Like driving a car, the driver navigates the vehicle within the designated lanes on a roadway, thus using the lane markers as a reference. The same can be said when analyzing spectral data. Correctly referencing multiple NMR data is critical in a structure elucidation process. For the case where 1D and 2D NMR data is present, the typical approach is to reference a correlation in the 2D NMR data to a resonance from a 1D NMR spectrum.
The spectral data below shows two 1H-13C HMBC experiments (optimized for 8 Hz) differing in the reference point. From the correctly referenced HMBC, there are 4 correlations indicating H to C bond separation of 2, 3 or 4 bonds away: 1H resonance 3.71 ppm to carbons 127.1 and 140.5 ppm and 1H resonance 3.86 ppm to carbons 132.7 and 142.1 ppm (illustrated by the green arrows on the structure).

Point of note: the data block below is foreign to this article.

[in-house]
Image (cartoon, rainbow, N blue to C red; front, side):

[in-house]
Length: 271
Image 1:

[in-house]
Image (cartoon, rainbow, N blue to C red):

The incorrectly referenced HMBC shows the same 4 correlations, however, the H-C bond separation is unreasonable for data. Although the 2 and 3-bond separation is coincidently workable for the 1H resonance at 4.14 ppm to carbons 127.1 and 140.5 ppm, it is the 1H resonance at 4.29 ppm to the carbon resonances at 132.7 and 142.7 ppm that shows unreasonable 5 and 6-bond separations. Ultimately, if the 2D NMR data is not correctly aligned to the 1D NMR data, then the corresponding fragments most likely cannot be pieced together to complete a structure.